There’s daily news about our military suffering from post-traumatic stress disorder (PTSD). as the result of wars persisting in the Middle East and the number of tours of duty soldiers sign up for. But what about our military service dogs who support and protect these soldiers?
Like their human counterparts, they are now experiencing the horrific effects of PTSD as well. But unlike humans, they can’t explain what they experienced making their treatments all the more important to address as they start showing physical symptoms. Dr. Christopher Pachel, a board certified veterinary behaviorist based in Portland, Oregon says that in these cases, “the primary obstacle that prevents him from diagnosing the condition as actual PTSD is the lack of understanding of what the dogs are experiencing mentally.”
Tactical & Strategical
Over the last couple of decades, canines have been increasingly used in military conflicts. Special forces dogs such as those who assisted in the assassination of Osama Bin Laden have gone beyond the call of duty. Being equipped with sensitive olfactory glands, they have become the best first line of defense against improvised explosive devices (I.E.D.’s). These are roadside bombs using chemical explosives.
Veterinarians attending to potential PTSD cases need to discern how the dogs respond to loud noises such as gunfire or whether they react with aggression or fear to their handlers, who they may hold responsible for being putting them harms way. Afflicted dogs may also hold aversions to the settings of the trauma, whether it be a vehicle, terrain or physical edifices. By ascertaining the root of the trauma, veterinarians can begin the necessary work of desensitizing the dog so the events, participants, or locations no longer cause these types of reactions.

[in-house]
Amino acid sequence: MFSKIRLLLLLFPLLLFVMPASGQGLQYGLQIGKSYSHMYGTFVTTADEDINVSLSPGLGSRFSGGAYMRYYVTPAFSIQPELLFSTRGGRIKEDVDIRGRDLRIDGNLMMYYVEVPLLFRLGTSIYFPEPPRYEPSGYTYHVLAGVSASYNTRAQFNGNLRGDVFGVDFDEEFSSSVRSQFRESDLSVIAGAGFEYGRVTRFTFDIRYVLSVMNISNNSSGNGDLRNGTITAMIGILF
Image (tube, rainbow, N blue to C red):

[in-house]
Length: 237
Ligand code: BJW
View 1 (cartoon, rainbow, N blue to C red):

Many of these dogs also demonstrate human-like long-term symptoms such as anxiety and panic attacks, and treatment now includes prescribing anti-anxiety medications such as Xanax designed specifically for dogs, with appropriate dosages determined by the size of the animal.
How do pet owners deal with potential PTSD . . .
If your pooch has undergone trauma or stress and is not showing signs of improvement, Pachel recommends you have your dog evaluated by a professional before the condition worsens.
“I had an owner bring a dog to me that had survived a tornado. A tree hit the house and it was very stressful to the dog. The dog’s anxiety continued to escalate and just a couple of days later, somebody in the home accidentally slammed a door in the household and the dog jumped through a second story window! That’s a situation where you need to bring him in immediately. That’s not exactly a situation where you can say, ‘Let’s wait a minute and see if it gets better by itself!” exclaims Pachel.
The best option, according to Pachel is to make an appointment to see a specialist — such as a veterinary behaviorist. If you can’t find a local behaviorist, take your dog into your veterinarian. They will assess the basic problem and will be able to refer you to additional resources your dog might require, such as diagnostic testing, specialized training, or prescribed medication.
Primary Source: Caesar's Way